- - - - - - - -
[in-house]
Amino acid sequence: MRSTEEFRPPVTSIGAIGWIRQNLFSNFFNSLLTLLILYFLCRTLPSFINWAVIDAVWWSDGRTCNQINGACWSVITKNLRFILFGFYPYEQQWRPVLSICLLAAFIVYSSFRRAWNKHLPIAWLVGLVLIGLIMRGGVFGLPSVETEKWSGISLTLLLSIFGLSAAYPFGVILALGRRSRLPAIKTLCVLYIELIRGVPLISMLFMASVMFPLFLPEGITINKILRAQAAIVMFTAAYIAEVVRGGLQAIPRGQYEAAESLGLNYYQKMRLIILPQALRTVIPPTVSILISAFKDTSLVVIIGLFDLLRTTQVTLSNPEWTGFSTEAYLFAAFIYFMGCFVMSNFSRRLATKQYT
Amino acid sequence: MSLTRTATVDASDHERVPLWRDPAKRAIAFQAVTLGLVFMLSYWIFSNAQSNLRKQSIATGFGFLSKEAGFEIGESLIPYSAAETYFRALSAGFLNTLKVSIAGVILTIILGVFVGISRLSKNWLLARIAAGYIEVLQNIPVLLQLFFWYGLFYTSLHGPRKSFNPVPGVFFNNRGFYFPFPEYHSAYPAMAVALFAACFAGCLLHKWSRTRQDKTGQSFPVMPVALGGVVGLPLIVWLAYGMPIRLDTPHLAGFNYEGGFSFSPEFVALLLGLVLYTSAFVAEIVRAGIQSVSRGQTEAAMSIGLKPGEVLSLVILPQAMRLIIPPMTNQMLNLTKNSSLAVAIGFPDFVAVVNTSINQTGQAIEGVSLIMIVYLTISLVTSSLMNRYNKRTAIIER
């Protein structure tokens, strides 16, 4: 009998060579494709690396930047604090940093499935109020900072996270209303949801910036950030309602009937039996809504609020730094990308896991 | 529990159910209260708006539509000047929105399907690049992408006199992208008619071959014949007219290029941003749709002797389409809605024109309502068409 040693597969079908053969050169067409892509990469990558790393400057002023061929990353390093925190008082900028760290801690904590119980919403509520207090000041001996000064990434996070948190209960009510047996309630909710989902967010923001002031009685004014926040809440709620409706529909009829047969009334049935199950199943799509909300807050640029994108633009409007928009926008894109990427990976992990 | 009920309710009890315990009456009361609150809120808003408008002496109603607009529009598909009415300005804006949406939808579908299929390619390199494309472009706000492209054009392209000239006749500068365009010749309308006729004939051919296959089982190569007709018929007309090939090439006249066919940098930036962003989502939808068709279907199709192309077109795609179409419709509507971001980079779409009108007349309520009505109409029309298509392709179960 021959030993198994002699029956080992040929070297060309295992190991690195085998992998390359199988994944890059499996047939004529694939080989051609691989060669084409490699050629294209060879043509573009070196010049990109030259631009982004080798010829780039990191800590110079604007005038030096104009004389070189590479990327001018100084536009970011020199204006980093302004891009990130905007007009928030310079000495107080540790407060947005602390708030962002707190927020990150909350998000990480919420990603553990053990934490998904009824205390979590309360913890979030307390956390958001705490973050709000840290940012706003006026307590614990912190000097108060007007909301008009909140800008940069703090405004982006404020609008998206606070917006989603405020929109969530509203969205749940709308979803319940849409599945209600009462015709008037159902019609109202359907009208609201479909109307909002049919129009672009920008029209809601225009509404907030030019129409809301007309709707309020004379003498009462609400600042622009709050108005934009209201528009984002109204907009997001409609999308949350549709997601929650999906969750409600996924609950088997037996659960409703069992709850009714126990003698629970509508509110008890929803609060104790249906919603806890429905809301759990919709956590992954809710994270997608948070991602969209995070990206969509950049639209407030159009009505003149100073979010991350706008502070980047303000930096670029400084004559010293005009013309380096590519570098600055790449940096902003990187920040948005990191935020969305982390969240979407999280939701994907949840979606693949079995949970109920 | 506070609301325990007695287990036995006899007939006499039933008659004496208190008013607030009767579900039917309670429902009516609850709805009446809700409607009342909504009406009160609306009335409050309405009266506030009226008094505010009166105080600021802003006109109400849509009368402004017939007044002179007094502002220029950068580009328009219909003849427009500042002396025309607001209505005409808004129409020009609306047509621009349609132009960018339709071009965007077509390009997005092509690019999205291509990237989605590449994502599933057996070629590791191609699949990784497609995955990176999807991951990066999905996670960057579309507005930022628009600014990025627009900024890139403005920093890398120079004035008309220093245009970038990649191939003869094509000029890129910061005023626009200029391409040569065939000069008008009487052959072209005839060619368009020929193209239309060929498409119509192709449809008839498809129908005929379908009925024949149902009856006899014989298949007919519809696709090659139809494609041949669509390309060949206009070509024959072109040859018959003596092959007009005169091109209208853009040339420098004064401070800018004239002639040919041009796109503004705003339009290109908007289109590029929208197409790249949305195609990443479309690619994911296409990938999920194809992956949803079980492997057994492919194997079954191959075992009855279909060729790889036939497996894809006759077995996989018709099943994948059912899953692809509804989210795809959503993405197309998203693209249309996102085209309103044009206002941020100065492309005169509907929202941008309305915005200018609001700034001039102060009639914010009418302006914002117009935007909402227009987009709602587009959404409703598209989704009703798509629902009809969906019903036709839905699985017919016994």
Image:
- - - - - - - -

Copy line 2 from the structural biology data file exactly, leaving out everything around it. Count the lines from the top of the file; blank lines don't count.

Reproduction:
Amino acid sequence: MRSTEEFRPPVTSIGAIGWIRQNLFSNFFNSLLTLLILYFLCRTLPSFINWAVIDAVWWSDGRTCNQINGACWSVITKNLRFILFGFYPYEQQWRPVLSICLLAAFIVYSSFRRAWNKHLPIAWLVGLVLIGLIMRGGVFGLPSVETEKWSGISLTLLLSIFGLSAAYPFGVILALGRRSRLPAIKTLCVLYIELIRGVPLISMLFMASVMFPLFLPEGITINKILRAQAAIVMFTAAYIAEVVRGGLQAIPRGQYEAAESLGLNYYQKMRLIILPQALRTVIPPTVSILISAFKDTSLVVIIGLFDLLRTTQVTLSNPEWTGFSTEAYLFAAFIYFMGCFVMSNFSRRLATKQYT